As job interviews go, Transportation Secretary nominee Elaine Chao has the skids well-greased for her ascension to the post: she’s got a great resume, knows almost all the people on the hiring committee, and is related to one of the senior managers – who just happened to introduce her as she appeared before a Senate committee Wednesday.
“I regret that I have just one wife to give for my country,” quipped Senate Majority Leader Mitch McConnell, himself quoting another GOP Senate leader, Bob Dole, when Dole introduced his wife Elizabeth as a cabinet nominee.
To be excruciatingly accurate, McConnell is on his second wife (as was Dole, when he introduced his wife as labor secretary nominee during the George H. W. Bush administration). But no introduction, high-level or not, was really necessary for Chao, who was greeted by warm welcomes, compliments about her service and her family, and talk about future plans from members of the Senate Committee on Commerce, Science and Transportation Committee.
While nominees for president-elect Donald Trump’s Cabinet faced grueling questioning and open opposition from civil rights groups in testy hearings in other parts of the Capitol complex, Chao cruised as she chatted amiably with lawmakers about transportation issues. Not a single member questioned her qualifications, ethics or ideology – staple topics of more contentious hearings.
Senators talked about her “grace and excellence” as labor secretary under President George W. Bush and as deputy secretary of transportation under President George H.W. Bush. They mentioned how much their wives loved her. One talked about being “excited about working with you going forward.” And those were the Democrats talking.
Sen. Richard Blumenthal, D-Conn., dipped out of a tough two days of hearings for Attorney General nominee Jeff Sessions to pop over to the Transportation hearing to let Chao know how much he appreciated her government service and was looking forward to working with her. And Sen. Cory Booker, D-N.J. – who took the extraordinary step of testifying against his colleague, Alabama Sen. Sessions – thanked Chao for being willing to serve in the Cabinet “not once, but twice.”
By the time the hearing was over, Chao had been invited to visit two states – that of Sens. Dan Sullivan, R-Alaska, and Catherine Cortez Masto, D-Nev. – and finally accepted Florida Sen. Bill Nelson’s facetious request that she travel to the home states of every member of the committee.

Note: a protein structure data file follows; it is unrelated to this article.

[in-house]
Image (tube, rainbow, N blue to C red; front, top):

Meanwhile, Chao fielded questions about one of the few truly bipartisan concerns on Capitol Hill – transportation safety, efficiency and innovation – and generally deflected with responses saying she was looking ahead to working with Congress on those matters, once confirmed.
She declined to give an opinion on one partisan matter on the Hill, whether to privatize federal air traffic controllers, as House Republicans wont to do. Opponents (including, noted Sen. Bill Nelson, D-Fla., the Department of Defense) worry about safety standards and reliability. Proponents argue that the private sector can adopt new technology faster than the public sector, improving performance. “I’d like to get confirmed first,” Chao said, deflecting the question and drawing some chuckles. “Obviously, this is an issue of great importance,” she said, adding that the incoming administration would likely weigh in on it once Trump is sworn in Jan. 20.
Chao also talked about the importance of infrastructure repair and building – welcome news to senators who are constantly looking for federal cash to make improvements in their home states. She did, however, emphasize the role of the private sector in handling infrastructure overhaul, which may signal a looming fight on the Hill.
Trump has said he wants a $1 trillion infrastructure program, pleasing Democrats who have been seeking such a program for years, but have run up against opposition from Republicans worried about federal spending. Infrastructure is the leading – arguably the sole – issue Democrats are eager to work with Trump on, but Democrats have also said they will not accept package that amounts to tax subsidies for private firms to do the work (and presumably impose user fees).
Neither issue is expected to hold up a speedy and overwhelming vote for Chao – especially with her husband scheduling the floor vote. “I’ll be working to lock in the Senate Majority Leader’s vote over dinner,” Chao quipped.